I need my space and the only way to make that happen was to increase it between my neighbor and I. Sound is vibration, and it needs an air cavity between walls to slow those vibrations down. There was a tiny air cavity prior to renovations with the resilient channel in place, but a small airspace can, surprisingly, be worse than a large one. My audio system created the sound which vibrated my drywall, which vibrated the metal resilient channel, which vibrated the studs it was attached to, which were connected to the common wood base, which sent vibrations up my neighbor’s studs, drywall, and into her room. There was so much sound energy being transferred by solid materials that my wall needed to be completely decoupled from hers. Jamming the wall with soundproof insulation is not the only solution here, although it’s still required. I needed to reduce the attachments that would send vibrations into her wall and increase the amount of air in between to slow the sound vibrations so the new insulation in between would become effective. I chose the Rockwool Safe’n’Sound to fill in the staggered studs.
I picked up the phone and called my friend Steve Davidson at The Watershed Group to discuss solutions using Kinetics Noise Control products. The Watershed Group is a distributor of Kinetics products in Canada and you can easily seek them out or find similar products by contacting dealers near you in your country. Keep in mind that there are many sound clip solutions available, but I didn’t want to cut any corners. I went for the best – IsoMax Isolation clips. These clips attach to the stud assembly on walls and ceilings and allow a furring channel to be clipped in across the length of the space. What I liked about these clips is that they have rubber within them that surround the furring channel, further reducing vibrations and increasing the STC value. I also wanted to increase my airspace by another few centimeters, so I attached each clip to a wood block further out from the stud giving me a total air cavity of about 2.5 inches. Isolation clips were my best option since I don’t have room for a double stud construction and it allowed me to work around a closet I have at the far end of the same wall located in the kitchen.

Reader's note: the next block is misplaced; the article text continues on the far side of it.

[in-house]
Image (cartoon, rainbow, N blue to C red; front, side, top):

I gave Steve my dimensions and he gave me a drawing to determine how many clips were required for the job. I also decided to decouple the bulkhead that ran perpendicular to the wall. Since electrical is being passed through it, it’s attached to the wall being decoupled and I didn’t want the sound energy from the bulkhead to be a weak point. I made sure to stagger the drywall layers as I wasn’t about to take any chances just to save a few hundred dollars or else this would be all for naught. Even though I use front projection in my room, I also didn’t want to rule out a large flat panel TV in the future.